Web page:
The Way it Used to be (1/29)

(Quick note: If this reminded you of the song by Mike Posner, then that’s wonderful because personally it’s a pretty good song.)


I’ll be honest with you. Childhood wasn’t perfect, and things obviously weren’t all rainbows and sunshine with bright smiles and the warmness of everyone’s hearts. That’s what you call a short story that parents read their little children who aren’t old enough to understand the complexity and more morbid sides to life.

But there is something that everyone possesses as children. It’s innocence, the ability to not see the darker side to things, the question ‘why?’ and primarily happy thoughts. Except for the ones who are wise beyond their years, many of us spend this time building in the sandbox, playing with our little compatriots, and living life with only small troubles.

As time passes, this blanket of certainty and comfort is gradually pulled away, placed away in the closet for only occasional usage. Now we see the silly things we did, the impulsive ways we acted. Some of us make the excuse of blaming it on our age and how we weren’t old enough. Others just say that they’re not that person anymore. In reality, a bit of that child is still part of you. You may have grown both physically and mentally, but somewhere inside is a piece, a shadow of who you used to be. We can never erase our past, nor can we change it. What’s important is that we see the error in our ways, and rather than attributing it to something else, we grow from it and fix these flaws and issues.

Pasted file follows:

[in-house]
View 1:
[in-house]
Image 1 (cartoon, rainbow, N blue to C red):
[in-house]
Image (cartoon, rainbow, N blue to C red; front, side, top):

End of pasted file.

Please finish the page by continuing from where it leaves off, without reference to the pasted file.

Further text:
What I’ve noticed about myself, is that every year I look back and I look foolish, immature, arrogant, or even straight-up rude. I’ve read from the writings of older people than me that this continues well even into the 30’s for many. Really, it’s not a terrible thing. All that it means is that there is more room to grow. Although we may make poor decisions, shudder at the embarrassing memories, or act in foolish ways, in the end it’s all part of our individual journeys. Even despite it all, one day we will look back and find something to smile upon.

I’m not trying to say that everyone had a perfect childhood…really, no one does. What I do believe though, is that despite the hardship, the confusion, the struggles, we learn, and afterwards we are all the wiser.

Sometimes, we get caught up in memories, and the way things used to be. It’s certainly alright to cherish it, remember it fondly…but the important thing is that we live in the present. Learn from the past, prepare for the future, and of course, live in the moment.

Smile, and keep looking forward.


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